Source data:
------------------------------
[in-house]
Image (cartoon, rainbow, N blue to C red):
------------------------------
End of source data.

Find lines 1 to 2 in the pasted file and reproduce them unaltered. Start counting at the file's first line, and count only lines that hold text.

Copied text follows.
[in-house]
Image (cartoon, rainbow, N blue to C red):